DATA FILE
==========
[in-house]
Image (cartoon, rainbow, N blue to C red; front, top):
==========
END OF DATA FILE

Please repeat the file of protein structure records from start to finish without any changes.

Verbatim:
[in-house]
Image (cartoon, rainbow, N blue to C red; front, top):